RIYADH: Fraudsters are now applying innovative ways to cheat people via email.
They used to make mobile calls and send texts or messages via WhatsApp, but now they are sending emails bearing bank logos and asking users to update accounts, even seeking personal information.
The banking service organization Saudi Banks has warned customers not to respond to such fraudulent emails.
Talat Zaki Hafiz, secretary-general of the committee on information and banking awareness of Saudi Banks, said: “Saudi Banks has repeatedly warned customers against responding to a series of emails that have recently appeared from anonymous sources with local bank logos.”
It has issued security alerts telling customers not to update their bank accounts in response to fraudulent email messages pretending to do system maintenance or to letters claiming to be from official or public names, requesting funds or donations, he told Arab News.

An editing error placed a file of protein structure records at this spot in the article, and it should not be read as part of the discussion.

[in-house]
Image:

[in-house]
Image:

Hafiz said that Saudi Banks has no role in pursuing and tracking the source of these fraudulent messages. However, the Communications and Information Technology Commission (CITC) has allocated the number 330330 for notifying the authorities, who will act quickly.
Those indulging in fraudulence will be fined up to SR2 million ($530,000) or given sentences of up to 3 years in prison. A spokesman for Saudi Banks said there were no statistics on the number of phishing messages received by customers, as some people did not report them.
He expressed confidence in the awareness of customers and their active participation with relevant authorities to address such issues.
Telecom providers, including Saudi Telecom Co., have also warned their customers to ignore such messages and not to share personal details.
A warning was also issued by the STC for customers to avoid logging on to their banks online via public Wi-Fi hotspots, calling on users to disable data sharing on their devices as a precautionary measure.